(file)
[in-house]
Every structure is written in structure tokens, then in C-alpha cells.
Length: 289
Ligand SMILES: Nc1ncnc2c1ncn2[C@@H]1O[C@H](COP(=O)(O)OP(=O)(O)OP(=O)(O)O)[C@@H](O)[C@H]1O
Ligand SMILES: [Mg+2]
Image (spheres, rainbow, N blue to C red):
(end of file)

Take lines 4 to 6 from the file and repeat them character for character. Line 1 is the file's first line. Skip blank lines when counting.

Ligand SMILES: Nc1ncnc2c1ncn2[C@@H]1O[C@H](COP(=O)(O)OP(=O)(O)OP(=O)(O)O)[C@@H](O)[C@H]1O
Ligand SMILES: [Mg+2]
Image (spheres, rainbow, N blue to C red):